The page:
There are many reasons for writing. One can write an online blog, a book, a magazine article, a letter to a government agency or company complaining about a service, a term paper, a letter to the editor, an application to college, an application for a job, and/or much more. Yet, while each of these has its own specific requirements, there are some general rules one can follow to be a demonstrably good writer and a more effective one. Here are some of those rules (with a caveat that this listing is a work in progress). Please note that items listed need not be done in any specific order and not all items may fit a particular writing activity (i.e., as appropriate is the rule that dominates).
- Recognize the type of writing you will be doing. If someone else defined the requirements for the writing, be sure to follow them. As appropriate, use personal and/or professional formats. For a job application, you will want to sell yourself; for a scientific journal article, you’ll want to document references and build to a valid, objective conclusion. If there are article or letter length requirements, follow these or your written efforts may be discarded. For example, one southwest Florida newspaper caps letters to the editor at 275 words. Write a 300 plus word letter and it won’t get published!
- Think about the message you want to convey. Why is it important that someone read about it? This holds for everything, even personal blogs.
- Start with a strong introductory sentence, and build from there. This ensures that the first part of your first paragraph, or your entire first paragraph, serves to grab the reader’s attention. In writing, this is known as a “hook.”
- Introduce your topic in the first paragraph. Ensure that the storyline builds appropriately.
- Provide strong supporting statements and/or links/references to prop up your main discussion. This enhances your discussion and also provides the reader with additional reading material, should they desire to learn more about your topic.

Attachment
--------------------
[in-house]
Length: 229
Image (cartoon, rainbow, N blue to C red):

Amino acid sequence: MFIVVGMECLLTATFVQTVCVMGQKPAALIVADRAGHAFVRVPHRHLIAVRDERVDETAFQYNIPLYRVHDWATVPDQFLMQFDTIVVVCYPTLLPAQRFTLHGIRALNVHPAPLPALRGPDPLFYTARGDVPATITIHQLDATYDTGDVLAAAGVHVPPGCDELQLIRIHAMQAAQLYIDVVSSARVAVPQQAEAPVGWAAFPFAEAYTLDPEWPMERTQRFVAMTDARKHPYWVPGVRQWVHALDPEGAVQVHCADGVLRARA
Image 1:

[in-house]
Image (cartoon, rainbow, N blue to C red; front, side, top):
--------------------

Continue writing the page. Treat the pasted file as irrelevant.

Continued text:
- Throughout, use active voice and action verbs (e.g., reading, working, organizing) rather than passive voice or “to be” verbs (e.g., was, had been, should).
- Avoid over-using transitional words (e.g., however, moreover, furthermore, therefore), and ending sentences with prepositions (e.g., “it’s what we talked about.”).
- Don’t repeat words and/or phrases; the English language has a plethora of adjectives, nouns, and verbs. Use them!
- Check grammar and spelling throughout (but don’t just rely on a computer-based spelling or grammar checker). Ensure that verb and subject are in agreement.
- Be clear and concise.
- Proofread your document more than once (keying on spelling, grammar, storyline, factual information, and unit conversions). This includes reading your writing out loud and/or having colleagues, family members or others proofread it, as well. If you are embarrassed to read aloud around other people, go to a quiet place to do so.
- Use an editing functionality (like “track changes” in Microsoft Word) to allow you to see changes as you make them, while still allowing the original text to remain. You can always accept changes at any point in the review/edit process (Fig. 1).
- Check for and eliminate “run-on” sentences. These are sentences that are, simply put, far too lengthy. A good rule of thumb for detecting these, keys on having to pause and take a breath while reading the sentence out loud. That pause point can suggest a location for a needed period or semi-colon.
- To be continued… Updates to this list will follow in the coming months. Stay tuned and check back for more!
We ask that readers of this article consider sharing other ideas for enhancing effective writing with us. We’ll consider all ideas that we receive.
In advance, thanks.
© 2017 H. Michael Mogil and Matt Bolton
Originally posted 7/27/17
* Although we have been proactive advocates of writing for many years, this article has resulted from activities conducted at our Southwest Florida Weather Camp Program during July 2017.